Introduction: 

The father of electronic commerce, British inventor Michael Aldrich believed that a highly participative, “many-to-many” approach to mass communication could change the world.

Aldrich was both brilliant and correct.

But it’d be a stretch to say that even he could have anticipated the impact his work in IT and e-commerce would have on today’s elucidation of the concept of ‘customer engagement.’

Online sales are increasing at a rate 10X that of brick-and-mortar.

The argument can be made that engaging customers online is exponentially more valuable than engaging them in-store. While both in-store and digital experience are important elements of the overall sales strategy, the experience of shopping in the future is going to be predominantly had via tablets, smartphones, desktops and to-be-created technologies.

Consumers will judge that experience primarily by brands’ ability to anticipate needs and proactively deliver what consumers want before they even need to ask.

But, for many marketers, achieving this level of understanding is easier said than done.

These three B2C marketing trends – which are, more accurately, major industry movements – are important for marketers to fully understand as they evaluate new ways to increase online and offline customer engagement.

1) Big Data

Big data is a very simple term, used to describe the large amounts of information that inundate a business every day. Collecting customer data across each available platform, at every possible point of the customer lifecycle, can help brands process an abundance of information about their customers’ habits.

Collecting this information from in-store purchases, online shopping behavior, email engagement, mobile app usage, etc., allows the creation of a unified customer profile for each individual buyer. Brands that apply big data to achieve this understanding of their customers are able to create highly personalized and relevant marketing interactions along each step of the customer lifecycle.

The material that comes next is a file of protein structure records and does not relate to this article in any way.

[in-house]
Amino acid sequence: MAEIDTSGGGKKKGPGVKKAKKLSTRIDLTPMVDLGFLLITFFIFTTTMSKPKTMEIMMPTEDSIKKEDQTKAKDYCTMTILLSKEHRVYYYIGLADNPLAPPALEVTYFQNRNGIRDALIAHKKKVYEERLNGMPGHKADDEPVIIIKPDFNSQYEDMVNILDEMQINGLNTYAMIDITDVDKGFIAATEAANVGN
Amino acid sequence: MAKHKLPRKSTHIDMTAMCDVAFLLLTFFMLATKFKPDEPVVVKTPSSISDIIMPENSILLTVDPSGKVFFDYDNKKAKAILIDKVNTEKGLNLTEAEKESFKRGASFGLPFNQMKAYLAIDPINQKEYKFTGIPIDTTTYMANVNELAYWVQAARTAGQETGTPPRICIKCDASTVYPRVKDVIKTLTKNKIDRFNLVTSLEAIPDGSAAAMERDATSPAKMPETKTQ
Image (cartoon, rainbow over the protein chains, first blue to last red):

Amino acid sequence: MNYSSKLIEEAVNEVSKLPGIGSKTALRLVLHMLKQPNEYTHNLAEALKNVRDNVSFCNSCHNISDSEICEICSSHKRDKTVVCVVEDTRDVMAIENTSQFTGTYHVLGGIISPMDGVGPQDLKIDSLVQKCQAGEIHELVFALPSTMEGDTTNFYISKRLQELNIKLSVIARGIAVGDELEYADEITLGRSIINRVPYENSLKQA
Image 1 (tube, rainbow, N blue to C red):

Knowing, for example, that a customer didn’t engage with an email but did redeem a promo code sent via SMS, is incredibly valuable information. As a result, the brand could continue to engage with that individual via SMS to see if it is the most effective marketing channel for that customer.

2) Artificial Intelligence

As previously discussed, the large amount of customer data available can be overwhelming for even the most skilled marketing analysts. Revisiting the example above, in which the customer seems to be most responsive to SMS messages, how can a marketer possibly achieve this level of personalization with thousands of customers in a database? Attempting to do so manually would be futile.

Artificial Intelligence Marketing (AIM) helps overcome this obstacle. It bridges the gap between big data and personalized customer interactions, by analyzing all data collected for a contact to create personalized interactions with each individual, and leveraging technology like machine learning and automation to scale this personalization to even the largest databases.

By using AI technology to effectively sort data, marketing teams can gain significantly more in-depth customer knowledge and understanding, a catalyst for superior product recommendations, customized incentives, and personalized interactions.

The result? Improved engagement and increased conversions, with less time spent manually tweaking marketing tactics. Who wouldn’t want that?

3) Omnichannel Marketing

Omnichannel marketing is all about delivering a consistent brand experience, conglomerating all customer data into a unified profile that defines a strategy across every single channel.

By implementing omnichannel marketing strategies, marketers can see where individuals engage, and where they don’t, with greater transparency than ever before. They can then use this information about each customer to create holistic, increasingly personalized messages, incentives, product recommendations, and overall shopping experiences. The outcome is not only increased conversion rates, but also positive impact on brand loyalty and customer retention.

Final Thoughts

Credited with the advent of what’s today commonly called e-commerce, Aldrich laid the bedrocks for modern-day social networking and online shopping.

By using these major B2C marketing trends to learn as much as possible about customers, marketing experts can create the optimal campaigns for their brands.

The better the customer profile, the more personalized the campaign and, subsequently, the more connected the buyer feels to their brand of choice.

Learning how customers want to receive communication, what they prioritize, how they want to engage with a brand, and finally, what will keep them coming back, can be some of the most valuable resources for a brand. This knowledge has enormous potential, but only for those with the capability to collect, understand, and utilize it.

Interested in learning more about building customer-centric marketing campaigns? We’ve got you covered right here.

Related Articles:

New Call-to-action